On looking to the future
The Solicitors’ Regulation Authority (“SRA”) has issued a consultation, which closed on 21st September 2016, focused on providing more flexibility in the profession whilst still ensuring protection for clients.
There are two aspects which interest me most as an adviser to the legal profession; first, the potential impact of qualified solicitors providing certain legal services through an unregulated practice and secondly, the proposed change to the definition of ‘client money’ within the Accounts Rules. I have discussed these two areas with a number of lawyers and I do not stand alone in the concerns I raise below.
The proposals provide for solicitors to be able to work in a non-regulated firm. The rationale for this is to increase the choice of where and how legal services are sourced. What’s more, it provides greater flexibility for solicitors and the ability for firms to be innovative and to become increasingly competitive. All of these are, in my view, great reasons.
All solicitors, as individuals, will be governed by a Code of Conduct including expected standards and behaviours. For regulated firms, there will also be a separate Code of Conduct. For unregulated firms, there won’t be.
My understanding is that unregulated firms will not need to comply with the Accounts Rules, which are designed to protect client money. Unregulated firms will not be able to use ‘solicitor’ in their name and they will not contribute to the Compensation Fund. I do wonder what the impact on professional indemnity insurance will be.
My concern is whether there will be clarity for clients on the differences and potential impacts for engaging with a solicitor in a regulated firm compared to an unregulated one. In situations where high quality legal services are provided without a hitch, there probably won’t be an issue. However, consider a situation that’s not so straightforward.
Thinking also about the increasingly competitive environment in the profession, I wonder how this will impact sole practitioners and small firms in holding their own against further price pressures as unregulated firms will be able to deliver legal services on a lower cost base.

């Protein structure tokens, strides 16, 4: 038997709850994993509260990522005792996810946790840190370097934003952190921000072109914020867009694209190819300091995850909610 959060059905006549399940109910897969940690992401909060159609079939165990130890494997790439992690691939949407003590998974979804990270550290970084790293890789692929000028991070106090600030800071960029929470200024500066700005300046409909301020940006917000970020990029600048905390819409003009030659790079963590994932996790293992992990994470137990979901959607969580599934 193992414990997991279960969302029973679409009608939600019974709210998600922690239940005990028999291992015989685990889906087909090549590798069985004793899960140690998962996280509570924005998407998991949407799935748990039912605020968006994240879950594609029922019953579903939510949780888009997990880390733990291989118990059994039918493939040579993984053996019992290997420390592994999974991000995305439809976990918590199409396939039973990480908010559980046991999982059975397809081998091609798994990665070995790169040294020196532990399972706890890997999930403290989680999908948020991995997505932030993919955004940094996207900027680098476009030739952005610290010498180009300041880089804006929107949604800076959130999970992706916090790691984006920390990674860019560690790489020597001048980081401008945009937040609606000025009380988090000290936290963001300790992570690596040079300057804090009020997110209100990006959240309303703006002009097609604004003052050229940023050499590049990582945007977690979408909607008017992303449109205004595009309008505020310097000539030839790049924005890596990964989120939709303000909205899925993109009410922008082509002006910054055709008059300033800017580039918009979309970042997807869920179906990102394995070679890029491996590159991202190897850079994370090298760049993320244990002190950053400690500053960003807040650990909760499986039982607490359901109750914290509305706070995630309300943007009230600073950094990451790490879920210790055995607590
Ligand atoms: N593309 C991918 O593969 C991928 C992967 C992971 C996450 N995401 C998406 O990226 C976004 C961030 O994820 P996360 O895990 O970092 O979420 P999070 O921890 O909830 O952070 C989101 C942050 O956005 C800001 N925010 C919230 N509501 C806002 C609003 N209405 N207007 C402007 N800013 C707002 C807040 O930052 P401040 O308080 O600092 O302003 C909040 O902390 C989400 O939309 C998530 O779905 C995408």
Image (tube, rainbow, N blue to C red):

The current SRA Accounts Rules have applied since 2011 and are detailed and prescriptive, ensuring that client money, and hence the client, is protected. Long established firms have developed systems and processes to meet the requirements of the Rules and my understanding is that this is working. Where it doesn’t work so well is for firms that are not on top of their game when it comes to risk management and compliance.
I wonder therefore whether such firms, who are readily compliant with the existing Rules, will welcome the proposed change, which is designed to make the Rules less prescriptive.
I am not against changing the rules. My concern is the protection of the profession, the client and other stakeholders – in fact, all connected parties.
My main worry is the proposed change to the definition of ‘client money’. Currently, where clients pay upfront for legal services to be delivered, these monies must be banked into a client bank account and kept separate from the firm’s own money until such a time as the bill has been raised. Under the new proposals, these upfront monies will be banked into the firm’s own bank account.
Whilst this doesn’t seem unreasonable when you compare it to other professions or to other services due to be provided, my concern lies with those firms that have been or continue to struggle financially.
Being able to bank these funds into their own bank account could mask the true working capital requirement of the law firm. Following many years of witnessing law firm failures due to a lack of strong working capital discipline, this does worry me. Firms will be afforded more flexibility in managing their banking and other lending facilities and covenants, which is not in the interests of the client, the firm or indeed the bank.
Further, funds received for unpaid counsel fees must also be banked into a client account. The proposal is for such funds to be also banked into an office account. Again, masking the true cash position of the firm is a significant issue for me, not to mention what cash flow problems could do to the relationship between the law firm and counsel, for example. Will counsel change their approach and wish to invoice clients directly?
It really does muddy the waters in my view. Management and leadership teams in law firms will need to be mindful of what is really their money to reinvest in the firm and what is due to be paid out to third parties. Lenders, advisers and other stakeholders will need to be vigilant in understanding the true cash position of a firm.
I will wait to read the responses to the consultation and, ultimately, for the changes to be implemented, ensuring that, as an adviser to the legal profession, I can assist law firms to ensure their working capital is strictly managed.